Telemedicine is also gaining popularity for its ability to help individuals with mental health needs. For a mental health visit, an HCP might schedule a video call or text back and forth with a patient.

“There's a shortage of behavioral health professionals, and it's often difficult to get people to go to those visits,” says Joseph Polizzi, DO, a family physician with Trinity Health in Michigan. Telemedicine removes some barriers that prevent mental-health patients from seeking help, like lack of transportation and accessibility to clinics.

The technology could also be helpful for those living with chronic conditions such as diabetes, according to Dr. Polizzi. For example, if check-ins are remote, a nurse care manager could check in more frequently with a person with diabetes.

Finally, telemedicine reduces people’s exposure to infectious diseases, including COVID-19.

A large 2021 study called the COVID-19 Telehealth Impact Study spearheaded by the American Medical Association polled nearly 1,600 HCPs and over 2,000 patients. The researchers found that the majority liked telehealth and wanted the option to continue, though many physicians also had misgivings about technology challenges for patients and other potential snags.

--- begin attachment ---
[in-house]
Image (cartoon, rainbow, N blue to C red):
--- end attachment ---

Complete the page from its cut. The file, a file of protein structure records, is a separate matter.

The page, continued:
A 2022 BMJ Open study in which interviewers talked with 82 patients and 58 HCPs in the Netherlands also found that, by and large, both groups were satisfied with follow-up consultations by phone during the pandemic.

The drawbacks of telemedicine
Not every health problem lends itself to telemedicine, though. Sometimes an HCP needs to see you in person. In a 2022 publication in BMJ Case Reports, doctors in the United Kingdom described the case of a woman who had seen her HCP remotely about a fever several times over the course of several months. She turned out to have a heart infection, which was not diagnosed until she had a stroke. (Fortunately, she made a good recovery.)

“There are a lot of things that we're not quite comfortable diagnosing remotely,” says Polizzi. Many diseases and conditions cannot be diagnosed from a distance, and something like strep throat, for example, will most likely require additional testing. If that’s the case, the HCP will ask you to come in person for an examination, plus the necessary labs and tests.